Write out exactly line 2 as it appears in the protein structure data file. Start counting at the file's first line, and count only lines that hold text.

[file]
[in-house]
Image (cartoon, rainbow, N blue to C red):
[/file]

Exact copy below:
Image (cartoon, rainbow, N blue to C red):